The efficacy and safety of retreatment with varenicline in smokers attempting to quit were evaluated in this randomized, double-blind, placebo-controlled, multicenter trial (Australia, Belgium, Canada, the Czech Republic, France, Germany, the United Kingdom, and the United States). Participants were generally healthy adult smokers (≥ 10 cigarettes/day) with ≥ 1 prior quit attempt (≥ 2 weeks) using varenicline and no quit attempts in ≤ 3 months; they were randomly assigned (1:1) to 12 weeks' varenicline (n = 251) or placebo (n = 247) treatment, with individual counseling, plus 40 weeks' nontreatment follow-up. The primary efficacy end point was the carbon monoxide-confirmed (≤ 10 ppm) continuous abstinence rate for weeks 9-12, which was 45.0% (varenicline; n = 249) vs. 11.8% (placebo; n = 245; odds ratio: 7.08; 95% confidence interval: 4.34, 11.55; P < 0.0001). Common varenicline group adverse events were nausea, abnormal dreams, and headache, with no reported suicidal behavior. Varenicline is efficacious and well tolerated in smokers who have previously taken it. Abstinence rates are comparable with rates reported for varenicline-naive smokers.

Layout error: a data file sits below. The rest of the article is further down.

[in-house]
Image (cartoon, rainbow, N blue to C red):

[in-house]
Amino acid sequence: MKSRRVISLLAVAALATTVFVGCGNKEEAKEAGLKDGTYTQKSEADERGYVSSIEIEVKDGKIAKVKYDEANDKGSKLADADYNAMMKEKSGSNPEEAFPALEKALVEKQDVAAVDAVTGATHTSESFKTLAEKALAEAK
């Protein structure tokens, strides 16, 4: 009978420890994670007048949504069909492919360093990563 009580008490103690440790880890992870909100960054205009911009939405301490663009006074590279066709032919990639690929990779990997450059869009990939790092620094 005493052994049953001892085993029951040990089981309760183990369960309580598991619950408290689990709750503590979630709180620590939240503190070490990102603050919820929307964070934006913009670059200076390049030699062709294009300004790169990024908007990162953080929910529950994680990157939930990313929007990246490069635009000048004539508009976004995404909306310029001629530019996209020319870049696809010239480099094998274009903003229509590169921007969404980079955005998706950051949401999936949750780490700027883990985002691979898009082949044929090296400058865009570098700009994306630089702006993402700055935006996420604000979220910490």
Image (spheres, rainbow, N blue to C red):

Trial registration: ClinicalTrials.gov NCT01244061.